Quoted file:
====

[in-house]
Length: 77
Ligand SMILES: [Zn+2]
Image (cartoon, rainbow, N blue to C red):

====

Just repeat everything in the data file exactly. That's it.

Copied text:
[in-house]
Length: 77
Ligand SMILES: [Zn+2]
Image (cartoon, rainbow, N blue to C red):